Section 11. 

Section 11 does not need to exist.  It tells the authority that it "may" limit commercial use and "may" require applications for recreational uses, and "may" require annual orientation but that regular users "shall" do things.  The MKSOA will be the supreme administrative authority over Mauna Kea.  It will be able to do all these things.  They do not need to be spelled out.  This section serves only to exacerbate the divide over Mauna Kea's use and elevate religious uses over all other uses, since religious uses are the only things not included in the "may be required to pay" section.  Many people who grew up on the Big Island have positive childhood memories of having fun on Mauna Kea, sledding down the snow.  I enjoyed going on a tour of Mauna Kea for my birthday and stargazing at the summit.  Those memories are sacred.  Having fun is important and is part of Mauna Kea's culture.  We should not be rhetorically encouraging its condemnation.


The current name of the authority is overly wordy.  Can we change the name to "Mauna Kea Oversight Authority", which is MKOA.  That invokes images of Koa wood, a strong wood that is endemic to Hawaii, much as all the value Mauna Kea provides is endemic to our state. Alternatively, "Mauna Kea Authority" (MKA) would also be short and effective.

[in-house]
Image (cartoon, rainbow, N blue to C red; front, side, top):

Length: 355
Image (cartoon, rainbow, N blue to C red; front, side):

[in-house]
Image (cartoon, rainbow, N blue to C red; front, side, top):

Section 9 states that UH can only exercise authority of Part IV subpart O of Chapter 304A to help the authority, but then section 10 repeals Chapter 304A, Part IV, subpart O entirely.  That seems like an issue.

I am sure there are more issues, which is why this should just be deferred.  Everyone is on notice now that the "powers that be" really want UH gone and a new authority in.  I have no doubt those powers can get this bill through the legislature next year after we have all had some time to think about it.  If we are going to waive the magic wand over the lease expirations anyway, then there is no rush.

Furthermore, in the meantime, we can actually engage in a healing process that is more inclusive than the Mauna Kea Working Group.  In earlier testimony I recommended using a process known as "partnering".  The fundamentals of the process involve bringing as many stakeholders as possible to a 1 to 2 day retreat and really hammering out some principles.  MKWG simply did not bring all the major players from either the protester or supporter community and resulted in a process skewed against astronomy.  TMT was not even included, and TMT is the whole reason for all of this.  Continuing to pretend TMT is not the focal point is bordering on the absurd at this point.  In contrast, if the state actually engaged in a full-on partnering session, it may create some actual trust in our community.  We will most likely end up agreeing to disagree, but at least we will have met each other.


Sam Kalanikupua King

Honolulu, Oahu